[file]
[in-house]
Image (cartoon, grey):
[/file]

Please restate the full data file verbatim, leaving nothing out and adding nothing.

[in-house]
Image (cartoon, grey):